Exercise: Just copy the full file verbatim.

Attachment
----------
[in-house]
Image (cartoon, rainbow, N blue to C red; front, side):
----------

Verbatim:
[in-house]
Image (cartoon, rainbow, N blue to C red; front, side):